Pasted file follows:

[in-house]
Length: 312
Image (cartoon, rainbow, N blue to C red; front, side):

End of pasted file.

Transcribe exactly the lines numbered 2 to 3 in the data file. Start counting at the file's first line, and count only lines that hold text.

Length: 312
Image (cartoon, rainbow, N blue to C red; front, side):